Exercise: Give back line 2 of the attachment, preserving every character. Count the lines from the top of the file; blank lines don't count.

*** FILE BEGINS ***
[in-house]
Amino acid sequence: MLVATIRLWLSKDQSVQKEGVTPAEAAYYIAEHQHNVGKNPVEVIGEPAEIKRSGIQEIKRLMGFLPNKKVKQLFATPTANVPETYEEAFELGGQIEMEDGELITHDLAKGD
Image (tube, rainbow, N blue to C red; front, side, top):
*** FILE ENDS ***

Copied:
Amino acid sequence: MLVATIRLWLSKDQSVQKEGVTPAEAAYYIAEHQHNVGKNPVEVIGEPAEIKRSGIQEIKRLMGFLPNKKVKQLFATPTANVPETYEEAFELGGQIEMEDGELITHDLAKGD